Book Review: Going Home In Chains
Publication Date: Jan 16, 2012
List Price: $12.99 (store prices may vary)
Page Count: 182
Imprint: Chattel House Books
Publisher: Chattel House Books
Parent Company: Chattel House Books
Book Reviewed by Robert Fleming
Glenville Lovell, one of the foremost Caribbean writers, has written several novels, including the acclaimed Fire in the Canes, Too Beautiful To Die, and a number of prize-winning plays. With this collection of short fiction, Going Home In Chains, he reaches a new level of narrative maturity, one that allows his characters to become more nuanced and multi-faceted.
The centerpiece of this collection, Going Home In Chains, is from a work-in-progress, “Dreaming of Luis: A Bomber’s Tale of Unyielding Love,” and rates as one of his grand achievements. In the title story, Tunde Ham, an Americanized immigrant and a sandhog from Barbados, accidentally leaves a bag in the Great Hall in the Grand Hall in the Grand Central Market. What happens after that is a stirring tribute to the paranoia about foreign-born citizens as terrorists in the horrifying wake of the 9/11 tragedy. Tunde’s harsh treatment by authorities is a revelation, as the police accuse him of being a tool of al-Queda.
Needing a job, the Muslim brothers get him a construction, but they try to school Tunde in the way of the American empire: “And they counseled me on the ways of America. How natural it is for every other race to treat black people like they have no worth. How America’s culture of materialism is destroying the black man’s soul. How it keeps the black man down. They thought they were telling me something I didn’t know.” (pp. 48)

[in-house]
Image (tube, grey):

In “Sweet Destine,” Sweets is baffled by Destine’s sexual journey once she comes to America, but if he had looked at her young life back in Barbados, he would have known she had ventured down that carnal route long ago. The catalyst for her wantonness comes when her surviving a cancer scare two years previous. Lovell is superb in having his characters question their choices and motives, and he takes the readers along for the fictional wild ride. He is also masterful in handling comedy in the hilarious “Licks Like Peas,” with its rapid-fire screwball antics.
Another take on sexual mores, “Sly Mongoose,” has Esther, a visitor from America, coming home after two decades to confront her molester, a man very popular in her Bajan community. When she asks why her abuser took advantage of her, he calmly replies: “You were there. I could have you.” It’s a very chilling moment in an otherwise revealing tale about misdeeds and their consequences. In another story, “The Night I Slept With Solace,” a lover of a very beautiful girl, whose life is cluttered with heartbreakers, remembers her youthful innocence and wonders whether he could have saved her from her personal hell. Truly engaging.
With other stories like “Tall Like You,” “Welcome,” and “Court Jesters,” Lovell affirms the various routes people often take in life, sometimes triumphant, sometimes wallowing in excess and negativity. Read these stories and share in their bold experiences. Lovell quickly draws you in and grips you in his tropical alchemy to the final pages of this book.